I rugged up and sat on deck with a hot cup of coffee and began counting the wildlife. A fish splished, then a seal surfaced right beside me on his patrol of the bay. On he proceeded, after the fish perhaps, popping up here and there to snort and grab another breath. Near the shore a sooty oyster-catcher peeped as it took off in flight, watched by a white-faced heron. Cormorants bobbed up and down, also after that fish I expect. It was too early for the sea eagles as we pulled up the anchor and began our trip south for the Huon River.

We passed fish farms (I don’t think the thousands of Atlantic salmon can be counted as wildlife!) and the Mirambeena, ploughing across a glassy Channel with a load of long-weekend trippers aboard (another introduced species). Soon we merged in with a handful of other CYCT cruising boats headed in the same direction. Near Middleton the wind filled in from the south, but it was short-lived and dropped out once we had turned the corner around the Middleton Light.

Snow was visible on some of the southern peaks as we turned into the Huon River, where we met a gentle wind on our nose. This wasn’t unexpected, as the valley tends to funnel the winds regardless of where they’re blowing from elsewhere. The only exception seems to be during a summer sea breeze. We sat snug behind our clears.

9 Arch Rock

We found ourselves a spot to anchor in Hospital Bay surrounded by fellow cruisers. We inflated the dinghy on the foredeck, and launched it ready for our trip ashore. Then I went below to prepare a salad, as our contribution to tonight’s event.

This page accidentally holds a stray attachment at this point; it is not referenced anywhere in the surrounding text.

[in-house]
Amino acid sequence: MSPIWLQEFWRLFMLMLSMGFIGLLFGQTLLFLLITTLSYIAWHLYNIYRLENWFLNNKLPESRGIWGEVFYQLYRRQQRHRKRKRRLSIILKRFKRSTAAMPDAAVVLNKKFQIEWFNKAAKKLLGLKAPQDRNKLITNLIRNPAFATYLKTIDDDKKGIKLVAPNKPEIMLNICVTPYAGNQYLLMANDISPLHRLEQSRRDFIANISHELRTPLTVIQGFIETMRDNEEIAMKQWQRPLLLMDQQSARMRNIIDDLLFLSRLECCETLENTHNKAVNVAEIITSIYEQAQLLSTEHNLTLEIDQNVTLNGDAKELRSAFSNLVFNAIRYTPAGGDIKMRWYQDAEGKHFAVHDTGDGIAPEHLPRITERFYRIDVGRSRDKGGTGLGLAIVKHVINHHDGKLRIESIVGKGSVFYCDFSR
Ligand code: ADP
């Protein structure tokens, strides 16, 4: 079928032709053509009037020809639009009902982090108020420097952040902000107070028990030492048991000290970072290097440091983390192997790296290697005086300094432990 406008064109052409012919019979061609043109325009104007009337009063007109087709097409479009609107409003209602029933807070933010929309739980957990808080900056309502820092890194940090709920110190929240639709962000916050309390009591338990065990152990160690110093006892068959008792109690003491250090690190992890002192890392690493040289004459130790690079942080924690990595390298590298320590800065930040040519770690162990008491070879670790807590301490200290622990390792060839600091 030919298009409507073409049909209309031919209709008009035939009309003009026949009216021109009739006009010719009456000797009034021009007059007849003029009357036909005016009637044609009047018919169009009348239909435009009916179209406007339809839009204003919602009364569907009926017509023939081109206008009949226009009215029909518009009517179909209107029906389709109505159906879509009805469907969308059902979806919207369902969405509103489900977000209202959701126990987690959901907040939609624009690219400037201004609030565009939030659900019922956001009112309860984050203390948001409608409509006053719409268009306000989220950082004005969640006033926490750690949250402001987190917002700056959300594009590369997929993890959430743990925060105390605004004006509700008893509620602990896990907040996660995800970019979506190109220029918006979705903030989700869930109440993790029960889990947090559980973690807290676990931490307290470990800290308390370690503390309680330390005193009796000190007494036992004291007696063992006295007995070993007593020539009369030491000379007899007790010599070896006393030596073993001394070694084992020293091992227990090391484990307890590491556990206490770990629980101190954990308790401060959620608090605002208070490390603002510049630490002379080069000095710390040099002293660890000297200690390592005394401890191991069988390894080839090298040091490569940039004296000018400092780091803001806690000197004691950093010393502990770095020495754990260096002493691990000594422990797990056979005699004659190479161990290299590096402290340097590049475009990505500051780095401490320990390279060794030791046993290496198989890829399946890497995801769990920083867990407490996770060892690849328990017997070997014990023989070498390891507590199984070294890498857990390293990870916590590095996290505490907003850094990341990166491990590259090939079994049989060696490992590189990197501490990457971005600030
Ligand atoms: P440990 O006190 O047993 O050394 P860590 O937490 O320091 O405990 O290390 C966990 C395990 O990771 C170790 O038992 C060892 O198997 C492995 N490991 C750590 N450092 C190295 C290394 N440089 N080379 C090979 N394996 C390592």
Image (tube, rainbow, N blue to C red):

At around 4pm people began to gather in their tenders for the trip up the shallow channel to the marina. We joined them and with our new little electric motor fitted purred silently past the reeds and mudflats of the Kermandie River, where we could add to the wildlife tally: two pelicans, an egret and some hoary headed grebes. That’s not to mention the various gulls, ducks and the farm geese and sheep on the other shore.

Local Port Huon boatbuilder Dean Marks was our kind host for this evening’s event. His boat shed was toasty warm, with gas heater and wood fire both roaring. Outside he had meats and vegetables roasting in the camp ovens. We were able to explore his two current building projects – a full scrape-down and refit of a fibreglass cruiser suffering from osmosis, and the rebuild of a beautiful little wooden yacht that had sunk in Dover a while back. Both these projects will keep Dean and his team busy over the winter when the days are too cold and short for the outside jobs.

We spent the evening chatting with fellow cruisers, listening to tales of adventure. Some were quite new to sailing and others old hands with many years’ experience. The meal was delicious. Each boat had contributed either a savory or dessert to supplement Dean’s meat and veg. By 8pm, however, we were all ready to tackle the trip back in the dark, and set off from the marina in a convoy of assorted craft with torches to light the way. We pootled slowly and quietly back to Ariadne’s Clew and tucked up toasty warm for another night of blissful sleep.